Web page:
We first noticed this development on our social media feeds and we think it deserves consideration, especially in Asia. Dolce & Gabbana, never a fashion house to shy away from bold statements, claimed the first fashion headline story of the year this week with its launch of a collection of hijabs and abayas. It will surely spark question about inclusiveness in fashion as well as perhaps cultural appropriation.
The ‘Abaya Collection’, aimed at clients in the Middle East, features the Italian house’s signature loud prints, centered around daisies and polka dots that contrast starkly against a black background. Lace-trimmed hemlines, cut-out overlays and a dash of jeweled embellishment ensure that the lightweight pieces radiate glamour while remaining conservative in structure.
Stefano Gabbana unveiled the collection on Instagram, where it can be seen styled with the house’s blinged-up accessories to consolidate its fashion gravitas.
The news signals a change of direction for Dolce & Gabbana, which is known for its loud, lusty and occasionally exhibitionist approach to fashion but the house is not the only one to have woken up to the needs of the booming Muslim market recently.
In 2014, DKNY unveiled a surprise capsule collection in the Middle East, timed to coincide with the pre-Ramadan spending spree, featuring conservative trousers, separates and dresses. Fellow US label Tommy Hilfiger followed suit in June 2015 with a limited-edition selection of cute party dresses for girls and full-length, long-sleeved dresses and flowing maxi skirts for women in soft shades of white, black and teal. Not to be outdone, luxury site Net-a-Porter.com also got on board with its own ‘Ramadan Edit’ in a direct attempt to target Muslim shoppers.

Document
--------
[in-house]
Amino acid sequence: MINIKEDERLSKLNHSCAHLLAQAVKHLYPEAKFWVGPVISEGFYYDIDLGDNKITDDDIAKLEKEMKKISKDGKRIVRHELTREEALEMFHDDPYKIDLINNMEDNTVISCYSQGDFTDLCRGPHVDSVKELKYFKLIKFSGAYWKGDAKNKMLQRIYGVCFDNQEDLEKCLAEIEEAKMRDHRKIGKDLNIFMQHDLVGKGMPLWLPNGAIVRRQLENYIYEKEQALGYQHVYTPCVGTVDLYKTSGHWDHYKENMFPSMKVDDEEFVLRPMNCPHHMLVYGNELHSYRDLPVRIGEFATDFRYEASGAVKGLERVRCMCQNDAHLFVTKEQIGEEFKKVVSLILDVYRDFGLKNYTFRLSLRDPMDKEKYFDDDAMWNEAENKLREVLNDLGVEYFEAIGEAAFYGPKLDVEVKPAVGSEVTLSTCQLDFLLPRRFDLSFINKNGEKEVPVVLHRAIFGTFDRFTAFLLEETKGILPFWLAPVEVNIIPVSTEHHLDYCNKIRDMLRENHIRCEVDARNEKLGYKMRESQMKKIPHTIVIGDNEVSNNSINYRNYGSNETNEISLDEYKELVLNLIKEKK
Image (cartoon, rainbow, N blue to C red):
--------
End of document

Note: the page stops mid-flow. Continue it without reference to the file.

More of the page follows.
Dolce & Gabbana’s collection is less cynical in its timing, and the news is being heralded as the label’s smartest business move for some time. As Muslim fashion figures are gaining influence by becoming increasingly integrated into the industry – last July Uniqlo teamed up with teen blogger Hana Tajima on an Islam-appropriate fashion line and in September H&M released its first-ever ad featuring hijab-wearing Muslim model Mariah Idrissi – it is clear that the worlds of Western and Middle Eastern style are beginning to find middle ground. Dolce & Gabbana’s move will surely catalyze the movement. So could 2016 be the year that fashion finally begins to cater for all?